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Tip #376: How to Provide Constructive Criticism

Tip #376: How to Provide Constructive Criticism

On May 11, 2011, Posted by , In communication, By ,,,,,,, , With Comments Off on Tip #376: How to Provide Constructive Criticism

“Criticism should be a casual conversation. W. H. Auden

A win/win problem-solving model for providing constructive criticism can be used to effectively discuss and resolve disagreements in coaching, performance appraisal, conflict resolution, and general feedback sessions. This model is particularly effective for individuals who are uncomfortable expressing conflict, criticism, or anger.

There are three major reasons for the effectiveness of the following win/win problem-solving model. First, it begins with a supportive statement, which makes it easier to initiate the conversation. Second, it establishes a mutual problem- solving dialogue, which is a more comfortable form of communication. Third, it places the focus on the problem, which directs it away from the individuals involved.

1. Begin with a supportive or neutral statement that indicates some positive or respectful feeling you have about the person to whom you are speaking. This is especially necessary if your communication will involve the expression of criticism or anger. However, you must be sincere when you speak. Sometimes, the most sincere thing you may be able to say may be, “I appreciate your taking the time to speak with me.”

2. Identify the situation or problem as you see it. It is impossible for people to have an intelligent conversation if they do not know what they are talking about.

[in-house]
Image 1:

A powerful, non-defensive way to do this is through “I statements.” Beginning with “I statements” says that we are taking responsibility for our communication. The statements often begin with the words “I feel.”

Follow up “I feel” with words that describe our emotions, then a description of the cause of this emotional response, and finally its tangible or emotional impact.

An example is: “I feel (I statement) uncomfortable (emotion) when someone raises their voice at me (causal event). When that happens, it is very difficult for me to stay focused on my work (tangible impact).

Non-blaming messages that describe tangible effects are more likely to result in the other person trying to resolve the problem.

3. Make sure that your non-verbal behavior is consistent with your real message. For example, some people tend to smile when they are uncomfortable as well as when they are pleased. However, if you smile when you say angry words, the other person will be confused and may not be able to take your communication seriously. If you know that you are likely to give a mixed message, ask the other person to pay attention to your words rather than to your face.

4. Ask for and receive feedback. A conversation will be ineffectual if the people involved do not take the time to make sure that the other person understands what is being said. Simply asking “Do you understand what I’m saying?” is insufficient because it is a closed question that requires a “yes” or “no” answer and it may not necessarily be true. Instead, ask an open question, such as “How do you feel about my assessment of the situation?”

5. Establish the fact that you appreciate the other person’s thoughts or feelings on the subject. When the other person responds, paraphrase and repeat in your own words what you believe are the beliefs, points or concerns of the other person. Make sure that your paraphrase is stated in neutral terms, without imposing your own feelings. This will be particularly important if you do not agree with the other person’s position. Communication cannot be effective if both parties do not treat each other with respect. This is best indicated by careful listening.